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Patriots release 19, but keep quarterback Ryan Mallett

Mallett Getty Images

The Patriots finished business with 19 cuts Saturday, but left the door open to future business by keeping quarterback Ryan Mallett.

Mallett slipped behind second-rounder Jimmy Garoppolo, and could still be trade bait down the road if a team has an injury early in the season. Otherwise, they’ll sit on the former third-rounder through the final year of his contract.

The Patriots released two of their draft picks, offensive lineman Jon Halapio and wide receiver Jeremy Gallon.

The Patriots also released long snapper Danny Aiken, linebacker Steve Beauharnais, defensive lineman Jake Bequette, wide receiver Josh Boyce, tight end Steve Maneri and defensive lineman Jerel Worthy, along with offensive lineman Braxston Cave, linebacker Ja’Gared Davis, safety Kanorris Davis, running back Jonas Gray, defensive Daxton Swanson, running back Roy Finch, safety Shamiel Gary, defensive lineman Eathyn Manumaleuna, offensive lineman Chris Martin, linebacker Taylor McCuller and defensive lineman L.T. Tuipulotu, and placed linebacker James Morris on injured reserve.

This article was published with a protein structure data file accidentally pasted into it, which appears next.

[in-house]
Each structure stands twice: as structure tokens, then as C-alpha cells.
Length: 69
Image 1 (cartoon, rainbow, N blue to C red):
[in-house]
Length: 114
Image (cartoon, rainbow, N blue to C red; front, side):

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Jets cut Matt Simms, leaving Smith and Vick as only quarterbacks

Koa Misi, Matt Simms AP

The Jets waived sixth-round pick Tajh Boyd on Saturday, but that wasn’t the only quarterback shuffled off the roster.

The team announced that they have also waived Matt Simms, who spent last season as Geno Smith’s backup and relieved him during one poor performance. That leaves Michael Vick as the only other quarterback on the roster, although either Boyd or Simms could be back with the team on the practice squad.

The Jets placed third-round corner Dexter McDougle on injured reserve earlier and kept nine of their 11 other draft picks on Saturday. Boyd and sixth-round corner Brandon Dixon were the only draft picks waived by the team.

In addition to the previously announced cuts of Boyd, wide receiver Stephen Hill, cornerback Dimitri Patterson and others that can be found on our roster tracker, the Jets also waived guard Will Campbell, linebacker Troy Davis, defensive tackle Tevita Finau, wide receiver Clyde Gates, defensive lineman Kerry Hyder, linebacker Garrett McIntyre, safety Rontez Miles, tackle Brent Qvale, cornerback Jeremy Reeves and offensive lineman Caleb Schlauderaff. The Jets also moved linebacker Antwan Barnes to the regular season PUP list.

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Bills release Jeff Tuel, nine others

Jeff Tuel AP

The changes continue to the Bills’ QB depth chart.